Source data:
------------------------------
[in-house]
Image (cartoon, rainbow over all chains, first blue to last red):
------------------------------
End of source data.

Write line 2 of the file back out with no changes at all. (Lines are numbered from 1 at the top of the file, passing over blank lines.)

Image (cartoon, rainbow over all chains, first blue to last red):